Successful Launch Of Orion Spacecraft First Step Towards Mars Mission (Pictures / Video)

‘Day One Of The Mars Era': Orion Test Flight That Heralds New Age Of Space Exploration Launches After Yesterday’s Technical Glitches – Daily Mail

For the first time in nearly half a century, Nasa has launched a spaceship designed to carry astronauts far beyond Earth.

Riding atop a fountain of fire, the 24-story-tall Orion spacecraft soared above the Atlantic Ocean at 12.05 GMT (07.05 ET), punching through partly cloudy skies.

The unmanned craft is now being catapulted around the Earth twice in a 4.5 hour journey, which will end 16:30 GMT (11:30 ET) when it re-enters the atmosphere at 20,000 mph (32,000 km/h).

In the future, Nasa hopes to use the spacecraft to send astronauts to an asteroid in the 2020s and ultimately take them to Mars in the 2030s.


‘The star of the day is Orion,’ said Nasa Administrator Charles Bolden, back for the second morning in a row. He called it ‘Day one of the Mars era.’

The maiden launch of the Orion spacecraft was postponed yesterday, after a technical fault, a stray boat and poor weather conditions hampered efforts to blast into space.

However, today’s launch was described by Nasa as ‘picture perfect’ – and so far all of the separation stages have gone to plan.

As the rocket roared into orbit, cameras streamed video showing dramatic pictures of the two side boosters falling away and the curved edge of the Earth.

Nasa is aiming for a peak altitude of 3,600 miles (5,800 km) on Orion’s second lap around the planet, in order to give the capsule the necessary momentum for a scorchingly high-speed re-entry over the Pacific.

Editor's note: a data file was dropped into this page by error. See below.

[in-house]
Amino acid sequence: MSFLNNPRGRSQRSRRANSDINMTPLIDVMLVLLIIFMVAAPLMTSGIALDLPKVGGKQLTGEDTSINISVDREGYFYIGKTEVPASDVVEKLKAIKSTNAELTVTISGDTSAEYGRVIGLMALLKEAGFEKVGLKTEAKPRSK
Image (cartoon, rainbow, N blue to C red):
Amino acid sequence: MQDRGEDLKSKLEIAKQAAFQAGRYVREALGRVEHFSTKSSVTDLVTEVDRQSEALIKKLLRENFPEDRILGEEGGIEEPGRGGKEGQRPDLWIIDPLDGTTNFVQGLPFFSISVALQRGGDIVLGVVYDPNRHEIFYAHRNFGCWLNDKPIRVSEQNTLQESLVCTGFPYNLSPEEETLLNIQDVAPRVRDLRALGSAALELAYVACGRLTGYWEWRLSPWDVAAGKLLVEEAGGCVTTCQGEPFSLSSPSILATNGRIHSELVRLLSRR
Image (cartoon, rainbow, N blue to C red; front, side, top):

The spacecraft has travelled through Earth’s Van Allen radiation belts that protect the planet from charged particles. Scientists say this will show how well equipment tolerates radiation like that experienced on the long journey to Mars.

Just three minutes into the launch, the spacecraft was already travelling at five times the speed of sound.


Engineers want to see how the heat shield – the largest of its kind ever built – holds up when Orion comes back through the atmosphere traveling 20,000 mph (32,200 kph)and enduring 4,000 degrees (2,200 Celsius).



The atmosphere at Kennedy Space Center was reminiscent of the shuttle-flying days. After more than three years since the last shuttle flight, Nasa reveled in all the attention.

Launch commentator Mike Curie fed the enthusiasm in the gathered crowds, calling it ‘the dawn of Orion in a new era of American space exploration’

Mark Geyer, Orion programme manager at Nasa, said: ‘It was very good to see how well the rocket did its job and very exciting to see it go up into space.

‘Now it is actually doing the job it was designed to do. We still have a long way to go with this mission but everything is going great.

‘All the systems were on already, we have linked up to the satellites.

‘We had a few key tests to run in the first six minutes of the flight that were very important for us.

‘We jettisoned service module fairing which are there to reduce mass on the rest of Orion. This is a critical event these pyrotechnic systems and it went perfectly.




Orion is being developed alongside the world’s most powerful rocket, the Space Launch System (SLS), which is due to make its maiden launch in 2018 or 2019.

Together, SLS and Orion will allow Nasa to send humans into deep space to destinations such as Mars.